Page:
KNCB CEO Alex de la Mar stressed that fellow European associates such as Denmark and Germany had not been forgotten, and went so far as to say "I would not be surprised, a few years down the line, to see the Pro-Series become a genuinely European competition." The Danes and the Germans, along with other European Associates such as Jersey, Belgium and France, are in fact already familiar with the Dutch regional sides thanks to their participation in the Continental T20 competition in Schiedam, itself a fine example of independently-organised international cricket on the continent.
Tennant echoes the sentiment, albeit with a hint of caution. The talks with the Irish are still at the earliest of stages, Cricket Ireland having preferred to concentrate initially on building their own competition.
"In the long term we'd like to involve all three countries, and given scheduling and financial situation at the moment a finals series looks to be the most achievable way of doing that. A trilateral series isn't something we're looking at for this season, but 2017? - It's a possibility."
Tennant also made reference to the two boards' still more expansive long-term ambitions for the competition, and specifically the potential of the rapid growth of the game in Germany. But whilst the desire and potential is there, together with the proven (and to some somewhat surprising) independent organisational capacity demonstrated by the two boards, the fact is that the financial means are still lacking.
The ICC have been fairly vocal (by ICC standards) about their hope that Associate boards will increasingly take over responsibility for organising bilateral and regional competitions on their own initiative as both the budgets and remit of ICC regional bodies are cut back, supposedly in favour of increased direct disbursements to national bodies. The current state of the North Sea Pro-Series attests to the determination of the Dutch and the Scottish boards to step up in regards the former, whilst unambiguously giving the lie to the latter.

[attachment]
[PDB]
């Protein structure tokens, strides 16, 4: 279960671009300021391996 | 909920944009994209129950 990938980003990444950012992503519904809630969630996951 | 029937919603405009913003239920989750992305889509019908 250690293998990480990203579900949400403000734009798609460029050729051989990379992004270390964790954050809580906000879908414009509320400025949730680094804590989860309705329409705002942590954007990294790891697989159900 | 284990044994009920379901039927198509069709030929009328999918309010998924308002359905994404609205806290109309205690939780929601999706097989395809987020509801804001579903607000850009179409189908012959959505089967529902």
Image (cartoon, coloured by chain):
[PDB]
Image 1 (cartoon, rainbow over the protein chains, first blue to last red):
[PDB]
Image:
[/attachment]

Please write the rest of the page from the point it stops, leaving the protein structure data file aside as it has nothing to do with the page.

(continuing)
Despite repeated assertions that top associates would materially benefit from the new financial arrangement, it would appear that the Netherlands and Scotland, currently 1st and 3rd on the WCL Championship table, are having to make do with less.
What is striking is that even as they have lost out significantly in the financial "restructure", both boards retain such optimistic and inclusive ambitions for the NSPS - not only remaining committed to the future of the joint initiative, but hoping in the long term to build on it for the benefit of their fellow European Associates.
The forced reinvention and adaptation of the Pro-Series in the face of circumstance and financial constraint has led to an objectively diminished format this year, but one that might readily be expanded upon and is in fact remarkably well suited to realising its original ambitions if financial circumstances improve.
The competition's underlying value as a development league for the two countries' national sides likely accounts for its remarkable resilience even in the absence of ICC funding or significant commercial partnerships. Yet even as it serves that purpose more than adequately, those involved on both sides of the North Sea see the potential for it to become much more.
Let's hope others see it too.